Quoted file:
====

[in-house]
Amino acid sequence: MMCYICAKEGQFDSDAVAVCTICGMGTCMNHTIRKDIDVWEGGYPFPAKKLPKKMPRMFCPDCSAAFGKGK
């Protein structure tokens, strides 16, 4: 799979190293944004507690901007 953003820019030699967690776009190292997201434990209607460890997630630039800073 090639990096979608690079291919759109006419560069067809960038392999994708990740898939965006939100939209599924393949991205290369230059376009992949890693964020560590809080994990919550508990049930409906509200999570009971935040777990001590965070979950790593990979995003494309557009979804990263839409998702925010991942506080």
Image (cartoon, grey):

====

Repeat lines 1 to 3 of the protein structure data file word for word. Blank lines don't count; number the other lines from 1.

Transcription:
[in-house]
Amino acid sequence: MMCYICAKEGQFDSDAVAVCTICGMGTCMNHTIRKDIDVWEGGYPFPAKKLPKKMPRMFCPDCSAAFGKGK
């Protein structure tokens, strides 16, 4: 799979190293944004507690901007 953003820019030699967690776009190292997201434990209607460890997630630039800073 090639990096979608690079291919759109006419560069067809960038392999994708990740898939965006939100939209599924393949991205290369230059376009992949890693964020560590809080994990919550508990049930409906509200999570009971935040777990001590965070979950790593990979995003494309557009979804990263839409998702925010991942506080």